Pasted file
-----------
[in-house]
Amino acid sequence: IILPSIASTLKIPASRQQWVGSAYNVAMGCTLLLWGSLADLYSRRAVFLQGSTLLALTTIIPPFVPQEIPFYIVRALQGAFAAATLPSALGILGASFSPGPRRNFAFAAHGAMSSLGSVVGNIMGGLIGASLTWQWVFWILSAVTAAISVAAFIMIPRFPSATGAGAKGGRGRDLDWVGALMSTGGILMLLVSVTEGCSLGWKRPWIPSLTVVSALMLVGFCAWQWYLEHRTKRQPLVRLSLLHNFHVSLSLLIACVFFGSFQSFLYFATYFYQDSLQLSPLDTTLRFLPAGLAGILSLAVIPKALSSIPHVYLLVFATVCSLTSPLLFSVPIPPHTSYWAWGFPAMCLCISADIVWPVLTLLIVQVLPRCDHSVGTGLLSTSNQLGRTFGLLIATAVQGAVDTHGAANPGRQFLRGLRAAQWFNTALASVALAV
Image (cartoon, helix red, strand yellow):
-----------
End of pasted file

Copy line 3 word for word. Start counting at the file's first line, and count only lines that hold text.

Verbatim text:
Image (cartoon, helix red, strand yellow):